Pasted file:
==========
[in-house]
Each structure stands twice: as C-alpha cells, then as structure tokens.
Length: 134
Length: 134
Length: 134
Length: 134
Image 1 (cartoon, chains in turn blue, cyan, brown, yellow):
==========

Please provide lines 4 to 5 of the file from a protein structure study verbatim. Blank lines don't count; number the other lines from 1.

Length: 134
Length: 134